Use this URL to cite or link to this record in EThOS: https://ethos.bl.uk/OrderDetails.do?uin=uk.bl.ethos.769582
Title: New edge activity and anomaly detection in a large computer network
Author: Metelli, Silvia
ISNI:       0000 0004 7658 3740
Awarding Body: Imperial College London
Current Institution: Imperial College London
Date of Award: 2018
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Abstract:
Computer networks are complex systems, and dynamically monitoring their structure in search for anomalies is both a challenging and important task for cyber security. In a computer network, new edges are connections from a host or client to a computer or server that has not been connected to before and can provide strong statistical evidence for detecting anomalies. However, performing meaningful anomaly detection on the arrivals of new edges is non-trivial as new edges can be indicative of both legitimate and illegitimate activity and occur with a considerable heterogeneity between network hosts. This thesis presents a framework aimed at modelling normal new edge activity and performing anomaly detection in a large computer network graph. Specifically, the main contribution consists of a Bayesian method for modelling the intensity of new edges, simultaneously addressing the rate of occurrence of new edges and any underlying latent structural relationship between the clients and servers in the network. What constitutes normal behaviour for some hosts might be very unusual for some others and so examining existing network structure is key for accurately predicting likely future interactions. For this purpose, a notion of similarity between clients and servers is developed, first under hard-thresholding with a clustering model, and then extended to soft-thresholding in a flexible latent feature space. Finally, the model is used to construct an anomaly detection method, which successfully identifies some known compromised machines when demonstrated on real computer network data.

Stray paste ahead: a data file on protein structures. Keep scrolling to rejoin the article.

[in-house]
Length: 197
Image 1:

Supervisor: Heard, Nicholas Sponsor: Not available
Qualification Name: Thesis (Ph.D.) Qualification Level: Doctoral
EThOS ID: uk.bl.ethos.769582  DOI:
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